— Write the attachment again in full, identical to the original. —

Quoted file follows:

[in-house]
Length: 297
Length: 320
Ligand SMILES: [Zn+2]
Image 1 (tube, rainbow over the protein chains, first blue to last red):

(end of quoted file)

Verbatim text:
[in-house]
Length: 297
Length: 320
Ligand SMILES: [Zn+2]
Image 1 (tube, rainbow over the protein chains, first blue to last red):